Chinese social media users attacked K-pop group BTS over its leader's apparent support of a South Korean Olympic speed skater

·3 min read
BTS leader RM
BTS group leader RM has been targeted by angry Chinese social media users.The Chosunilbo JNS/Imazins via Getty Images
  • BTS leader RM posted an Instagram Story that Chinese internet users saw as support for a disqualified Korean athlete.

  • That enraged some Chinese social media users, and they left malicious comments on BTS' Instagram account.

  • BTS fans are fighting back by flooding the post's comments with purple heart emojis to drown out the hate.

K-pop superstar boy band BTS is facing backlash on social media in China after group leader RM posted an Instagram Story in apparent support of a South Korean Olympian.

In the post, RM, whose real name is Kim Nam Joon, shared a video clip of the controversial men's short-track 1,000 meters semi-finals from Monday at the Winter Olympics, where Korea's Hwang Dae Heon finished first.

The race sparked debate as Hwang — the world's number two in the sport — was subsequently disqualified for making physical contact with China's Li Wenlong.

Even though RM did not write any text to accompany the video, he posted two clapping emojis and a thumbs-up emoji, which users interpreted as support for Hwang. And that angered Chinese fans.

RM Instagram Story screenshot
A screenshot of RM's Instagram Story.Screenshot from Instagram

Immediately, Chinese social media users flooded BTS' Instagram account with malicious comments as well as puke and middle finger emojis.

Some told the band to avoid ever returning to the Chinese market, while others personally attacked the group leader's looks.

On China's Twitter-like platform Weibo, some enraged users also left comments asking for the group's music to be banned. The Weibo hashtags "Kim Nam Joon ins" (in reference to Instagram) and "Kim Nam Joon with Winter Olympics pictures" have each been viewed more than six million times so far.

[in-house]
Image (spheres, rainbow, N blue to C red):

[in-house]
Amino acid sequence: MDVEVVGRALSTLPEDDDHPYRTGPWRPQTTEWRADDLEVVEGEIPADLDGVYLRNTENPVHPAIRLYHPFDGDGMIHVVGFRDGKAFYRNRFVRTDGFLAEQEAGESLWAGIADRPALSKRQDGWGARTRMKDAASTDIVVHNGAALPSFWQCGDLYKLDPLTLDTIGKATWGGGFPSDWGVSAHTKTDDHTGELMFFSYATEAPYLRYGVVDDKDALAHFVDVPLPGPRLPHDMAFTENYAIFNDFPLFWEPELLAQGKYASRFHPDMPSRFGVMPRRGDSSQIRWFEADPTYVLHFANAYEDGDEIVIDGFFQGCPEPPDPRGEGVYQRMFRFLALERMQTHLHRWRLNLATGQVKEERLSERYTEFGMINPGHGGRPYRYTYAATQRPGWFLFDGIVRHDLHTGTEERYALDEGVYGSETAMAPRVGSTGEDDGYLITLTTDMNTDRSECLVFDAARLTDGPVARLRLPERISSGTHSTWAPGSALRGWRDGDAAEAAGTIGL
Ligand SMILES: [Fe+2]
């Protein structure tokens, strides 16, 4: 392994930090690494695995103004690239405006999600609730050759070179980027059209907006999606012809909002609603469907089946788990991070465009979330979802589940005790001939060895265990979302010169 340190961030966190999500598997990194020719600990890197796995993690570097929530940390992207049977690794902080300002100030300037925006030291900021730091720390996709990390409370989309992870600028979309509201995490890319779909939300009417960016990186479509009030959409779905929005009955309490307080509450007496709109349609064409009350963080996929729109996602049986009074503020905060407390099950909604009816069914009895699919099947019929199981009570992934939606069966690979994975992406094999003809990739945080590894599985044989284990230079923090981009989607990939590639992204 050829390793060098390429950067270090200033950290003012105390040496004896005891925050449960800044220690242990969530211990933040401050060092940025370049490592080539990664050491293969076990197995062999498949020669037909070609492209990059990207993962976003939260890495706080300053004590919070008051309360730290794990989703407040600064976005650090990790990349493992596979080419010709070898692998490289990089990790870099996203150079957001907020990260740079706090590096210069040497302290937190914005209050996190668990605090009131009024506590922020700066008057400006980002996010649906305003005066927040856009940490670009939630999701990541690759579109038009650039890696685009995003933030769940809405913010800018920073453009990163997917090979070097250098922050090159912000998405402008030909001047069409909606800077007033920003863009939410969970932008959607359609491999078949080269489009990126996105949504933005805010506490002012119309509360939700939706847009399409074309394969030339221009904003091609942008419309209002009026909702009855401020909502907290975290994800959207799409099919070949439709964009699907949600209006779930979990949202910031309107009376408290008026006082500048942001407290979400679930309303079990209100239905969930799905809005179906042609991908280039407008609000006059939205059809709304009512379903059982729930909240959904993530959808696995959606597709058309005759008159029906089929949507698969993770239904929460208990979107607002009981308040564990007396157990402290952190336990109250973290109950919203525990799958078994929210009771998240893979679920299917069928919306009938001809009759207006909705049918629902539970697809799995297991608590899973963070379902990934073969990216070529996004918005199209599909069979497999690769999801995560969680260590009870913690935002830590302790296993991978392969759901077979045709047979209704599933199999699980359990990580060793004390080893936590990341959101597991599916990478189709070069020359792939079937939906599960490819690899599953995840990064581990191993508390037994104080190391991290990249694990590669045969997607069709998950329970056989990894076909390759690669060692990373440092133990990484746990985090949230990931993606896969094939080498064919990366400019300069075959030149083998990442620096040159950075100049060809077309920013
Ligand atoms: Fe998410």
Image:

But there were also many Chinese users who said that they were "confused" about why this had sparked outrage in the first place. BTS has a large following in China with more than 5 million fans on Weibo — despite China's repeated crackdown on K-pop fan groups on the site.

Weibo user @adheretomy wrote: "He's just sharing, he didn't even say anything. I know everyone's patriotism is running high, but don't let that enthusiasm go overboard."

In any case, BTS fans have come to the group's defense, flooding the band's Instagram account with purple heart emojis in the comments to drown out the negativity. Fans flooded the group's page with purple-shaded hearts, a color synonymous with the group as well as the fandom.

BTS did not immediately respond to Insider's request for comment.

Purple hearts flooding BTS Instagram
BTS fans have flooded the group's Instagram account with purple hearts to drown out the malicious comments.Screenshot from Instagram

This is not the first time that BTS has come under fire in China. In 2020, the group faced backlash over comments RM made about the Korean War, per the BBC.

Another South Korean athlete, Lee June-seo, was disqualified during the same speed-skating race for making a late lane pass. The Korea Sport and Olympic Committee has said it plans to launch an investigation into the two men's disqualifications.

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